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by Kusum Choppra Bookmark and Share
 

I was traveling to Ferozepur, Punjab, circa May 2005.

The bonus of traveling by train is the pleasure of seeing the Real India, her lands, fertile or brutal in variegated colors and hues. Flying takes away the pleasure of seeing the land one is born into and grown up in, does it not? Never mind the bonus of being quickly deposited at one's destination. Does anyone actually make friends at an airport lounge the way one does in a train compartment?

As we puffed through the countryside, the thought that comes to mind is that this is the real India nurtured by the seat, toil and tears on which the rest of us survive.
Passing thru Rajasthan, I was amazed to see, not the earlier stretches of desert, but signs of cultivation stretching back to the horizon, as far as the eye could see; neat patchwork quilts of fields of different hues of brown, the burnt leftovers of the last harvest, ploughed in anticipation of the post monsoon next.

A man and woman stood over a pile of wood, the woman in her traditional ghagra and odhni. The man had switched to pant and ganji. Is that an upgrade? Our women have clung to roots much more strongly than men 'since time immemorial.

Historically it has been so. When the Muslims came, it was the men who succumbed, for job/opportunity/whatever; Akbar created a new religious model combining Islam with Hinduism but the lady, Jodhabai clung to her roots. So it was when the British came and the same Rajputs, and many others switched to pants and suits while their women clung to their saris and ghaghras. Was it when men reverted to their roots, in India's Camelot era with Rajiv Gandhi leading from upfront that the ethnic upsurge took place and that India revived and started shining?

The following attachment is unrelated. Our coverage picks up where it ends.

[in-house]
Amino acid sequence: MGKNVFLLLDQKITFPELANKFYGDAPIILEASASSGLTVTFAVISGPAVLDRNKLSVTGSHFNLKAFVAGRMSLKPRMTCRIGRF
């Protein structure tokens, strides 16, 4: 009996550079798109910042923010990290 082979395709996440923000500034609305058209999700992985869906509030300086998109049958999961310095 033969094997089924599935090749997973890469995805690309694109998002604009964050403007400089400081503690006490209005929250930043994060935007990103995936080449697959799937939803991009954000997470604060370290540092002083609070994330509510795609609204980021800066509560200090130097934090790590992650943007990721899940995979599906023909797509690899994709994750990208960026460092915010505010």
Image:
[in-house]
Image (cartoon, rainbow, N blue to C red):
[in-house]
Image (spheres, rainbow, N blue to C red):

No one had prepared me for the extent of green cover and ploughed fields in Rajasthan, otherwise our desert state. Where had they sprung from? Was this the miracle of the Indira Canal? Or the greening operations of the Rajiv period, which had seen digging of pot holes and tree plantations drive Rs. 2/- for a hole and 50 p for a tree which captured rains, raised water beds a couple of decades down the line?

Or the result of water conservation efforts by NGOs, since, for stands of rock, in between are prominent, grey and black often interrupting the green and brown, with meeker, bushy cactus and hardy greens dominating uncultivated patches.
Most of the passengers in the Ac compartment have drawn their curtains. Is it because they do not wish to see the Other India? The sight too brutal for the Multiplex generation? With dried out rivers, potholes of water, and patches of brown and khaki and open shelters with crude twig roofs. This world would rather not see them.

Throughout the Rajasthan train journey, there were old houses, with thick stone walls for cooling. All had flat roofs and terraces open.

I had been warned that no food would be available and carried mountains of snacks but the pantry car attendant took orders for lunch. At Nana, apparently in the middle of nowhere, vendors carried baskets of fresh vegetables, cucumber, tomatoes, onions and lime for salad into the carriages, bypassing the AC cars!! They knew from experience that the first class crowd would never touch vegetables fresh from the fields. I felt deprived.